Opinion: Cold weather can’t chill farmers’ spirit

The end of February in Missouri is cold, as is cold in the evening with negative temperatures. The recent cold snap has made the calving season particularly difficult for farmers and ranchers, many of whom have had to warm calves in their pickups and porches to keep them alive – anytime of the night.

Farmers are no less stressed. They watch input costs, keep watching the markets, preparing machines for spring, and pray that this year will be better than the last.

If the past year has taught us anything, it is that farmers are vital to our land. When supply chains collapsed during the pandemic, consumers found less choice in their local grocery store. In some cases the meat boxes were empty and purchases of some products were limited. The interruption in processing opened up opportunities for more farmers and consumers to work together to meet each other’s needs.

For the past 11 years, the Missouri Farm Bureau has celebrated the Celebration of Agriculture – Thanks A Farmer Week to pay tribute to the farmers and ranchers in our state. This year’s celebration is the week of February 28th.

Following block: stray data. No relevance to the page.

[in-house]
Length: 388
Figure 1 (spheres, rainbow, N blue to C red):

Celebrate Farming – Thanks A Farmer Week is a time to ponder the long days, hot summers, cold winters, and stressful hours farmers invest to make sure we all have the products we use every day. Agriculture in Missouri is a $ 88 billion industry and employs more than 400,000 people. Agricultural products range from food, clothing, cosmetics, sports equipment, automobiles, housewares, and more. Farms cover more than 27 million acres in Missouri, well over half the state.

The County Farm Bureaus will celebrate Thanks A Farmer Week in a number of ways. The ongoing theme of this important week is gratitude: gratitude for the work of farmers and ranchers and for the sacrifices they make to make a positive impact on all of our lives every day. Please remember to say “Thank you” to the farmers and ranchers in your life during Thanks A Farmer Week and every time you enjoy a meal.

Jennifer Poindexter, of Montgomery City, is the director of advertising and education for the Missouri Farm Bureau, the state’s largest agricultural organization.

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